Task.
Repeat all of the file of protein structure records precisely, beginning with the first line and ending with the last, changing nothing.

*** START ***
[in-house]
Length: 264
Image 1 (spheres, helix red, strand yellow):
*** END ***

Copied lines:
[in-house]
Length: 264
Image 1 (spheres, helix red, strand yellow):